Geothermal—Canada on the brink of sustainable energy?

Energy stakeholders—government, industry and First Nations—need to work together to look for sustainable energy solutions

by Elizabeth James
A map of Canada showing the Geothermal Potential.

A map of Canada showing the geothermal potential. — Courtesy of Canadian Geothermal Association

“It is not the strongest, nor the most intelligent of us, who will survive; it is those of us who can best adapt to change.” Charles Darwin

When Alison Thompson, managing director of the Canadian Geothermal Energy Association (CanGEA), was named to Alberta’s Energy Futures Lab (EFL) fellowship, she was happy to find herself in the company of a diverse group of energy stakeholders—government, industry, First Nations, academia and others.

Having spent much of her career on one side or the other of what she calls “a deep energy divide," Thompson believes her engineering experience and varied career path will allow her to participate as a peer in EFL discussions about all energy alternatives.

Although all of the fellows come to the table with differing opinions, Thompson sees part of her role will be to facilitate discussion and perhaps neutralize divergent positions.

“If we can come together on issues that are of critical importance to everyone, we will move closer to our goal of a truly diversified energy industry that will benefit all interests,” she said.

Arising from the 25-year-old Natural Step approach of working together to effect positive change, the 40-strong EFL fellowship hopes to achieve sustainability that builds on the best of the past, while still welcoming the technological advances that are fast overtaking the energy- and mining-related industries.    

Until global markets became saturated – at least for the foreseeable future – and before the world began to clamour for greener alternatives to fossil fuels, most people continued to think of energy as meaning oil, gas and coal.

That applied especially to corporations and their workers in the coal mining and oilpatch industries of British Columbia and Alberta, but the rest of the world is moving on.

Today, the EFL has no plans to sit behind closed doors to continue business as usual because, as Thompson said, “Canada as a whole lags behind many other countries in embracing its huge geothermal, solar and other alternative energy opportunities.”

In part, that is due to the seemingly inexhaustible supplies of traditional fuel resources and to entrenched negative opinions about the potential for alternative energy solutions. That situation was compounded by the reluctance of government and industry to move into uncharted waters. In short, people were too comfortable doing it the old way.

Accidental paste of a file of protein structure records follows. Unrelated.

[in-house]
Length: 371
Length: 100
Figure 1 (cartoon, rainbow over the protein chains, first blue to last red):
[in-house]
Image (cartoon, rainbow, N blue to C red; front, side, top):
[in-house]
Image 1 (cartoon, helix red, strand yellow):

But things they are a-changing.

Slowdowns in the commodities market have a way of altering firm opinions and traditions as little else can. Today, it is no longer economical for many corporations to continue in the coal and oil business, let alone launch new liquid natural gas projects. So if Canada is not to fall even further behind, we and our resource industries need to adapt to the new reality and find ways to transition our vast knowledge, training and skills that have served us well in the past so we can again become energy leaders in a very different world.

Wearing her CanGEA and EFL hats together, Thompson said many of the skills common to mining and oil extraction can be directly applied to geothermal energy projects.

“We can redeploy those skills; rig operators trained for the petroleum industry can teach us how better to drill horizontal wells, miners familiar with percussion drilling can adapt to hard-rock geothermal drilling and the market size is international,” she said.

That’s good news for anyone who has lost, or is about to lose, their job in the oilfields.

Now, all that’s required to begin reversing Canada’s trade deficits is a level playing field for geothermal energy – and that level playing field requires vision and policy changes on the part of government.

Geothermal energy produces far less (if any) greenhouse emissions than natural gas and its production creates 17 times more permanent operations and maintenance jobs according to a report from the U.S. Department of Energy

Yet, as Thompson pointed out, the natural gas industry continues to enjoy overt and not so obvious subsidies, even to the point where the amount of the subsidy can offset 100 per cent of exploration expenses.

That has to change.

We can only hope that the diligent work of both CanGEA and the Energy Futures Lab will pay off – sooner rather than later.

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